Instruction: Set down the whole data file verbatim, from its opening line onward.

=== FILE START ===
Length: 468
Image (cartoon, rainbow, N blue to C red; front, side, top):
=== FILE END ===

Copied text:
Length: 468
Image (cartoon, rainbow, N blue to C red; front, side, top):